rpmcduff 02-24-2012 05:23 PM

I really think you are making this harder than it is. Are you logging your foods? When looking at your entries for a day, scroll down and you will see the macro-nutrient breakdown for everything you've entered. While it is true that food combinations can effect how effeciently those nutrients are assimilated, unless you are specifically avoiding a nutrient it won't have a significant effect on how much your body assimilates. If your percentages are in the ranges you indicated it means you are balancing your diet and your bodies inefficiencies will be minimal.

Don't get too anal about the percentages. They are meant to be a guide. If your Protein is at 30% and your Carbs are 45% for a couple of days it won't make or break your diet. Keep your calories in line and adjust your diet to stay close to the macro percentages (Add more protein when you see a trend that it is too low, or subtract some carbs when you see they are too high, etc. ). Let the Fitday tools help you identify the trends so you can make the adjustments.

eduardojgg0 02-25-2012 08:41 PM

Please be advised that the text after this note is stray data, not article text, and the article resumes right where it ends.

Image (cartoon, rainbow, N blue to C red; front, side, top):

Quote:

Originally Posted by rpmcduff (Post 73951)
I really think you are making this harder than it is. Are you logging your foods? When looking at your entries for a day, scroll down and you will see the macro-nutrient breakdown for everything you've entered. While it is true that food combinations can effect how effeciently those nutrients are assimilated, unless you are specifically avoiding a nutrient it won't have a significant effect on how much your body assimilates. If your percentages are in the ranges you indicated it means you are balancing your diet and your bodies inefficiencies will be minimal.

Don't get too anal about the percentages. They are meant to be a guide. If your Protein is at 30% and your Carbs are 45% for a couple of days it won't make or break your diet. Keep your calories in line and adjust your diet to stay close to the macro percentages (Add more protein when you see a trend that it is too low, or subtract some carbs when you see they are too high, etc. ). Let the Fitday tools help you identify the trends so you can make the adjustments.

Yeah man that's great, good info.. But I don't quite understand the site, yet. I'm on that, I'll make a thread asking about some stuff I don't understand here.

Thanks a lot!!

sarkai90 02-26-2012 08:40 AM

My ratios are similar to yours... I aim for 40-50% carbs, 25-30% fats, and 25-30% protein. Those ratios are just a guide for me, and I enter everything exactly as is. My custom foods are entered right off the nutrition label, and I use the fitday database for all the basics. Protein is protein and fat is fat, whether it came from meat or from pasta. Keep it simple, and you'll get the hang of it. I always aim for my ratios, and if I'm a little off for the day, I'll make little tweaks to my meals to stay on track. Good luck! :)